Prince George's Late With Payment to Support Hospital System

Prince George's health-care workers protest outside County Executive Jack B. Johnson's office after the county did not make a $3 million support payment.
Prince George's health-care workers protest outside County Executive Jack B. Johnson's office after the county did not make a $3 million support payment. (By Ricky Carioti -- The Washington Post)
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By Jonathan Mummolo
Washington Post Staff Writer
Friday, October 9, 2009

Following a protest by Prince George's hospital system workers over the county's decision to withhold $3 million from the system, a county spokesman said Thursday that it will be getting a payment later this month -- of $2 million.

Last year, the county entered into an agreement with the state for each to pay $12 million annually for two years to prop up the hospital system while bidders are sought to buy it. But after the state recently cut almost $23 million in aid to the county, Prince George's officials announced several planned measures to close the budget gap left behind, including a trim of $3 million from the hospital budget.

The county did not make its scheduled quarterly payment Oct. 1, and about 35 hospital workers -- armed with signs reading "Keep Your Promises!" and "Save Our Hospital" -- to protest outside County Executive Jack B. Johnson's office Thursday.

Later Thursday, Johnson's spokesman, John Erzen, said the payment would not be missed entirely. He said the county would pay $2 million and that two payments after that would also be short by $1 million, which would spread the $3 million cut over many months to lessen its impact.

Erzen said the decision to spread out the cut was made prior to the demonstration, but protesters sought to take credit for the announcement that at least some of the money was on its way.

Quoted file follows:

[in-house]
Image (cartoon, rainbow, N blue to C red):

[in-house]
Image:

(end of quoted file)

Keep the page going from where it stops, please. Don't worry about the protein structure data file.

"The workers and the patients prevailed today, and our voices were heard," said Stacey Mink, spokeswoman for 1199SEIU United Healthcare Workers East. "Two million is good, but the commitment still isn't fully met, and we will continue to advocate for the full committed amount of $3 million."

Erzen said the cutback was necessary given the bleak financial situation the county is facing.

"Nobody wants to be in this position," said Erzen, noting that the county had instituted a hiring freeze, two rounds of furloughs for workers and other trims before cutting funding to the hospital. The county also recently began its first round of layoffs since the recession began.

"It would be outrageous for someone to suggest that the Johnson administration is in any way turning its back on the hospital system," Erzen added. "The Johnson administration has provided more resources to the hospital system than all the previous administrations combined."

On Thursday, lab techs, housekeepers, dietary workers and other caregivers chanted outside the County Administration Building to demand the money. They said Johnson should tap the county's $182 million rainy-day fund rather than cut hospital funding, a move Johnson has said would be fiscally irresponsible.

Trecetia Campbell, 59, a laboratory technical assistant at Laurel Regional Hospital, said the money is needed now.

"We need new equipment," said Campbell, of Laurel, who has worked there almost 23 years. "In my lab, we need new refrigerators to keep the specimens. . . . They're always breaking down."

The hospital network is owned by the county and operated by the nonprofit Dimensions Healthcare System. It includes Prince George's Hospital Center, Laurel Regional Hospital, Bowie Health Campus and two nursing homes, and it serves 180,000 patients a year, many poor and uninsured. Its reputation as a system in distress has driven away many privately insured patients who could help stem financial losses.

The task of finding a buyer for the hospital falls to the Prince George's Hospital Authority, a body formed through state legislation last year. The authority was expected to announce a list of bidders Friday but has posted a notice on its Web site saying that announcement will be delayed.

Rick Abbruzzese, a spokesman for Gov. Martin O'Malley (D), declined to comment on Johnson's decision to cut funding but said the state plans to continue with its full $3 million payments.

"The state of Maryland has an agreement with Prince George's County, and the governor intends to honor that agreement," Abbruzzese said.

Union officials said they will air radio ads over the next week on six stations to call on Johnson to fully fund the hospital network.

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